vehicles from the regulation by two agencies of the hours of drivers. No comment appears as to the desirability of statutory limitation on their hours prior to the establishment of maximum hours by the Commission. 81 Cong.Rec. 7875; 82 Cong.Rec. 1573 et seq. No distinction was pointed out between common, contract, and private carriers, although there was a distinction in section 204(a). It would seem that if the point now urged had been in the mind of Congress it would have itself expressed the intention to leave private carriers subject to the Fair Labor Standards Act until the Commission took action.
Even under the argument of the employees, those drivers who work for common or contract carriers would not at any time be subject to the maximum hour provision of the Labor Act. Furthermore, it was said on the Senate floor that the amendment as to motor vehicle operators was to give them the exemption from the Fair Labor Standards Act enjoyed by the railway employers under the Hours of Service Acts.
These do not provide for overtime pay and like the subsections of section 204 of the Motor Carrier Act are immediately effective to exempt the railroad employees covered by their provisions from the maximum hour provisions of the Fair Labor Standards Act. Cf. note 1. Since the employees of contract and common motor carriers, as well as railway employees, are exempt from the Fair Labor Standards provisions for maximum hours by virtue of the same words which govern private motor carriers' employees, it would require definite evidence of a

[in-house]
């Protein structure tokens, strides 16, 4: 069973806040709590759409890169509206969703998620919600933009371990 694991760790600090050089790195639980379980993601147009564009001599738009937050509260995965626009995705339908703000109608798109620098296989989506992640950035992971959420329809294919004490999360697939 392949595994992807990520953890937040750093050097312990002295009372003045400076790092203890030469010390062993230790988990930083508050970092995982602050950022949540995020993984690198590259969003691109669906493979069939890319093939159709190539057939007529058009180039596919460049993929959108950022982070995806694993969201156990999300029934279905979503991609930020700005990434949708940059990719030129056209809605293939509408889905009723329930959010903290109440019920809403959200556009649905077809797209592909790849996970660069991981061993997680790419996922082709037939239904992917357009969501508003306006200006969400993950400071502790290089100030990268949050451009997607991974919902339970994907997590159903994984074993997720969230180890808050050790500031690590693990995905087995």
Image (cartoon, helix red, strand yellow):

U.S. 44, 50]
contrary Congressional purpose toward private carrier employees to lead us to accept the argument advanced here by the employees. No such evidence appears.*
No. 725, affirmed.
Mr. Justice MURPHY took no part in the consideration or decision of this case.
[ Footnote 1 ] 52 Stat. 1060, 1068, 13(b), 29 U.S.C.A. 213(b):
[ Footnote 2 ] The pertinent provisions of section 7 are as follows:
[ Footnote 3 ] 49 Stat. 543, 49 U.S.C. 301, 49 U.S.C.A. 301 et seq.
[ Footnote 4 ] Cf. Federal Food, Drug and Cosmetic Act, 401, 52 Stat. 1046, 21 U. S.C. 341, 21 U.S.C.A. 341; Emergency Price Control Act of 1942, 2, 56 Stat. 24, 50 U.S.C.A.Appendix 902; Fair Labor Standards Act, 8(d), 52 Stat. 1064, 29 U.S.C. 208(d), 29 U.S.C.A. 208(d); Public Utility Holding Company Act of 1935, 11, 49 Stat. 820, 15 U.S.C. 79k, 15 U.S.C.A. 79k; Tariff Act of 1930, 350(a), 48 Stat. 943, 19 U.S.C. 1351, 19 U.S.C.A. 1351; Alien Enemy Act, R.S. 4067, 50 U.S.C. 21, 50 U.S.C.A. 21.
[ Footnote 5 ] An understanding that the Interstate Commerce Commission had already acted upon maximum hours for drivers may have shortened the discussion of the amendment. 81 Cong.Rec. 7875. Subsequent to this discussion and prior to the passage of the Labor Act, the Commission had acted for common and contract carriers. Ex parte MC-2, 3 M.C.C. 665, 690. Private carriers were held to need regulation by the decision of May 1, 1940, Ex parte MC-3, 23 M.C.C. 1.
[ Footnote 6 ] 81 Cong.Rec. 7875; 34 Stat. 1415, 39 Stat. 721, 45 U.S.C.A. 61- 66.
[ Footnote * ] District Courts which have interpreted section 13(b)(1) have reached the same conclusion as we do. Faulkner v. Little Rock Furniture Mfg. Co., D.C., 32 F.Supp. 590; Bechtel v. Stillwater Milling Co., D.C., 33 F.Supp. 1010; Fitzgerald v. Kroger Grocery & Baking Co., D.C., 45 F. Supp. 812; Gibson v. Wilson & Co., 2 Federal Carriers Cases 9604; Derer et al. v. Snow Ice, Inc., 3 Federal Carriers Cases 80,029. The Wage and Hour Division of the Department of Labor has taken the position that the Fair Labor Standards Act applies to drivers of private carriers until May 1, 1940, the date the Interstate Commerce Commission determined that need existed for their regulation. Interpretative Bull. No. 9, 5 Wage &3 Hour Rep. 233, 235, March 30, 1942.